Neotropical primates affect plant population through mutualistic intetactions, such as seed dispetsal, and antagonist interactions such as seed predation and hetbivoty (Peres, 1993; Russo and Augspurger, 2004; Mourthé et al., 2008). Primates killing trees through hetbivoty is rarely documented (Rocha, 2000; Santos et al., 2007). The genus Cebus (Erxleben, 1777) is considered as having the widest diet plasticity among neotropical primates, eating leaves, seeds, fruits, invertebrates and even vertebrates (Fedigan, 1990; Galetti and Pedroni, 1994; Susan and Rose, 1994; Rose, 1996; Ludwig et al., 2005; Carretero-Pinzón et al., 2008; Freitas et al., 2008). In this paper, we documented the predation of two palm species through the consumption of palm heart (apical meristem) by black-capuchin monkey (Cebus nigritus Goldfuss, 1809).
Materials and methods
Our observations were carried out between June 2009 and June 2010 in “Carlos Botelho” State Park (CBSP) (24°06′ and 24°14′S; 47°47′ and 48°07′W, in São Paulo State, Brazil. The CBSP has an area of 37,644 ha of Atlantic Forest, and it is located in the Forest Continuum of Paranapiacaba massif. The annual average temperature vatied from 15 to 19 °C, and the annual precipitation varied from 1700 to 2400 mm (Instituto Florestal, 2008). The density of black-capuchin monkeys in this site is estimated at 10.5 (± 2.4 SE) individuals/km2, and the average group size is 5.16 (±0.55 SE) individuals (Galetti et al., unpub. data).
The records of palm heart predation (directly and indirectly) were taken during line transects of mammal survey (430 km, approach 500 hours) and during the displacements to line transects in the forest (about 200 field hours). Despite that the C. nigritus groups were not accompanied directly, the animals are relatively habituated to observers. The line transects surveys were carried monthly (10–15 days per month), when we encounter predation events, ad libitum observations were made (with binoculars or naked eye), each predation event was recorded by a single observer. We sampled adult trees through randomized 15 0.04-ha plots, and juvenile trees through 15 0.01-ha plots to estimate the capuchin-monkey palm ptedation (sampling tree adapted from Durigan, 2003). Chi-square analysis was used to estimate differences in predation intensity between seasons.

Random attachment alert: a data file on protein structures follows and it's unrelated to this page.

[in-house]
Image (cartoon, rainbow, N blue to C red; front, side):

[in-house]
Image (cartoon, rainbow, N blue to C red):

We observed capuchin-monkeys preying upon palm hearts of Euterpe edulis Mart. in 14 occasions, being 12 times in the Winter (May–August), once in the Summet (November–February), and once in the Autumn (February–May). We recorded from one to four capuchinmonkeys (sub-adult and adult) feeding simultaneously on apical meristem, but each animal on a different palm. The group size in these events varied from 3 to 12 blackcapuchin monkeys. Capuchin monkeys spend between 10 to 40 minutes (mean 25 ± 4 SE) to open the palm heart, varying principally with palm diameter. Initially, the monkeys bite the outer leaves, forcing them down using both hands, remaining supported with tail and posterior members on the palm stipe, then they repeat this process until liberate the apex of most leaves. After that, the animals bite the apex basis, to release it from the stipe, and consumed the apical metistem on other tree.
We found other 44 E. edulis killed by capuchins along the forest trails, of which 38 palms were killed in the Winter, four in the Summet, and two in the Autumn. The presence of recently signals permitted the identification of predation period (recently withdrawn leaves on the ground, recently destroyed apices and remains of consumed meristems; Fig. 1A and 1B). Other 12 palms were too old to determine the season of the predation (resting only the old destroyed apices). Considering direct and indirect observations of palms predation (only events where was possible determining the period of predation), the consumption of E. edulis differed significantly between seasons (χ2 = 73.0, df = 2, p < 0.001), being 10 times higher in the Winter than Summer, and 18 times greater than in the Autumn. The E. edulis palms killed had diameter at breast height from 8.6 to 15.4 cm (mean 12.8 ± 0.55 SE) and height from 7 to 20 m (mean 12.2 ± 0.94 SE). E. edulis is the most abundant arboreal plant in the study area, with a mean density of 93.3 (± 22.8 SE) adults/ha and 706.6 (± 90.7 SE) juveniles/ha. We estimated E. edulis adult mortality by capuchin monkeys at 1.7 (± 1.6 SE) individuals/ha per year (1.8 % of adult population).
Moreover, for the first time, we observed the predation of palm heart of Geonoma gamiova Barb. Rodr., an understory palm species, with height up to 4 m. Two adults G. gamiova were upon preyed by two adult capuchin monkeys (in the Winter). The process is similar to E. edulis, but beyond the animals supported on the palm, they supported in near lianas, taking for predation 8 minutes for a palm and 9 minutes for other.